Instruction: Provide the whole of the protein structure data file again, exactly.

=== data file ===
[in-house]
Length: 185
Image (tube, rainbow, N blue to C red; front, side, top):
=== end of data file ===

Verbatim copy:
[in-house]
Length: 185
Image (tube, rainbow, N blue to C red; front, side, top):